In light of the recent recognition of COVID-19 as a vascular disease leading to mortality from cardiovascular (CVS) failure [22], an operational overview of our observations regarding pathogenesis and treatment of β-thalassemia trait carriers is pertinent. CVS control is exerted through classical RAS inducing vasoconstriction via renin processed ANGII vasoconstrictors and counterbalancing non-classical RAS inducing vasodilation via ACE2 converted ANG1-7 vasodilators [23]. SARS-CoV-2 inhibits ACE2 expression and deranges CVS homeostasis [24]. Current strategies for COVID-19 treatment aim to suppress SARS-CoV-2 main protease activity, required to release active viral protein products and induce ACE2 expression [25]. Conversely, hyperlipidemia is a major systemic risk factor of CVS failure [26]. Ideally, effective treatment of CVS failure in COVID-19 patients should face a combination of viral and systemic risks. Statins appear to be ideal candidates for such combined treatment needs. On the viral front, statins bind to main protease and induce ACE2 expression, while on the systemic front they confer a potent lipid-lowering and anti-inflammatory effect [27].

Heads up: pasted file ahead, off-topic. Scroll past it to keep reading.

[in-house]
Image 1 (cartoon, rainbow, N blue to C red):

Asymptomatic or mildly anemic β-thalassemia heterozygotes are in a state of threatened homeostasis, that if deranged may collectively induce expression of innate immune receptors CD45, Toll-like receptor 4, and CD32, reduce the ability to produce oxidative burst, and elevate membrane lipid peroxidation [28,29]. The compromised nature of response to stress inherent to β-thalassemia heterozygotes may explain the low threshold of COVID-19 symptoms required to begin treatment, which appear with considerable time lag and require considerably longer periods of hospitalization and ICU care. According to this comparison, also indicative to patients’ borderline resistance to stress, carriers of the β-thalassemia trait have a considerably higher risk of dying from COVID-19 compared to non-carriers (OR = 2.79).